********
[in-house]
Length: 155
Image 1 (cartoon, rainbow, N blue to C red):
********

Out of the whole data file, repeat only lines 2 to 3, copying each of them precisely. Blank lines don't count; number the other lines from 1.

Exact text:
Length: 155
Image 1 (cartoon, rainbow, N blue to C red):